Mexico | Texas Public Radio

Mexico

Mexico's president is gearing up for a national raffle. The prize? The presidential plane. It's like Mexico's Air Force One, but the president refuses to step foot in it.

The plane, a Boeing 787 Dreamliner, has long been a symbol of government excess in the eyes of President Andrés Manuel López Obrador. He loves to rail on what he calls Mexico's corrupt political class, especially by pointing to the plane and those who bought and used it.

The last two weeks have been busy for Mexico's immigration authorities. Since Jan. 18, the Mexican government says it has "assisted returns" of 2,303 Central American migrants back to their home countries.

"Assisted returns" means deported — but much of the official language referring to migration in Mexico remains euphemistic, critics say, even as the government's migration policies have grown harsher.

From Texas Standard:

The Rio Grande, or the Rio Bravo as it's known south of the border, is a natural divider between the United States and Mexico. It's also an important shared natural resource. But a recent investigation by the nonprofit journalism organization Mexicanos Contra la Corrupción y la Impunidad found that some in Mexico might not be using that and other water resources the way they were intended.

Officials with the Texas Department of State Health Services is warning people not to buy cosmetics from outside of the U.S.
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A Texas woman spent 10 days in the hospital after using a face cream she bought in Mexico. The cream was a mixture of a brand-name product and a large amount of mercury.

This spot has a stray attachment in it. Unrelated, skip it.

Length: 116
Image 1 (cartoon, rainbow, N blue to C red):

Carson Frame | Texas Public Radio

The Tamaulipas Attorney General's Office confirmed the identity of the asylum seeker who died by suicide on the Pharr-Reynosa International Bridge.

Mexico and Canada are Texas’ biggest trading partners, accounting for $230 billion in 2018. After more than a year of talks, a new trade deal between the two countries and the United States could soon go into effect, pending Senate approval.


Paul Theroux is a novelist and also internationally renowned for his many books about travel.  He has spent more than 50 years traveling the globe to chronicle the lives of people in distant lands.  This time, he turns his eye on Mexico. 


From Texas Standard:

As GPS is used more and more to help us get where we’re going, a new exhibit at Sul Ross State University’s Museum of the Big Bend in Alpine is making a case for why maps still matter. 

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Verónica G. Cárdenas for Texas Public Radio

More than 30,000 asylum seeking migrants have been returned to Mexico to await their day in immigration court — a process that can take months. This is part of the Trump administration’s Remain in Mexico policy. The program says vulnerable populations may be excluded from the program, but many migrants who are considered vulnerable populations, including LGBTQ asylum seekers, are still being sent back to Mexico.


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